By Merril Diniz:
The average Indian family comprises two to three generations (if we’re lucky, four) – babies, senior citizens, teenagers, moms and dads, et al. Now, imagine this family decides to travel together for a family outing – it could be a Sunday visit to the park, museum or beach. They decide to use the bus, an affordable and common mode of transport. But their experience is a disaster and they have to leave some members behind (Don’t believe me? Then watch the film below!).
If you’re wondering why, it’s pretty simple. When we design physical infrastructure or a service, we make choices based on the users we have in mind. But the less informed we are about the diversity of needs and users, the more inaccessible the facility or the service would be. If you look around, you will realise that old and new facilities are designed for access for everyone. Those who design, seem to simply forget that we all have different limitations.
They might even be oblivious to the fact that we ALL deserve to be able to step out and enjoy our Sunday outing together! So, the question we need to ask ourselves is this – when we create products, services, events, spaces and communication, are we really thinking hard about ALL of our end-users?
This question has been asked frequently around the world, and it is now being asked in India, too. In fact, a major milestone in this direction is the fact that our nation’s premier design school, the National Institute of Design (NID) has already embraced this idea. In 2014, NID launched a Master’s programme known as Universal Design, which aims to make designing an inclusive process. In a nutshell, #DesignForAll enables #Access4All!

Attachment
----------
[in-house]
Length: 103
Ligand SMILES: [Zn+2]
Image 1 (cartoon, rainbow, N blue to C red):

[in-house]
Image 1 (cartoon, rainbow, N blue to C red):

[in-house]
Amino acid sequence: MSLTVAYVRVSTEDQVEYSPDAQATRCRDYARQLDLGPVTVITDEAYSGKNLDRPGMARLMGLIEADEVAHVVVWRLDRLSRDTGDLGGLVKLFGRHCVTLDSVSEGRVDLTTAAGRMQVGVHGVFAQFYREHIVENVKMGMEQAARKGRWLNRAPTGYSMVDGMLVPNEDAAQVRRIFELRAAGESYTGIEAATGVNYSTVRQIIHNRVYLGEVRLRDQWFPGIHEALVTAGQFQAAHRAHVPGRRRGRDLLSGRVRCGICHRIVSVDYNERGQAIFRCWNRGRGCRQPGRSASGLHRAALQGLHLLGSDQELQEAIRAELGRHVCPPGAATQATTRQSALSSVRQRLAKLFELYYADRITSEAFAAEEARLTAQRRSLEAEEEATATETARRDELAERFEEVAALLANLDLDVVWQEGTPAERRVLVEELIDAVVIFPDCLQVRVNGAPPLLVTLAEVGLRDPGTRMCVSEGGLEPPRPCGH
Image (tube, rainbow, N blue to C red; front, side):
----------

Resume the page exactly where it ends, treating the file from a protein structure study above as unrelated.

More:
If this all seems rather confusing and resorts to too much jargon for your taste, just take out six minutes and 42 seconds, to watch this animated video, which shows how something as simple as a bus ride can be accessible to all members in one family, after a universal design intervention!
This video was created by the Centre for Excellence for Universal Design in Ireland, which passed the Disability Act in 2005, setting clear guidelines for the use of Universal Design in all public utilities.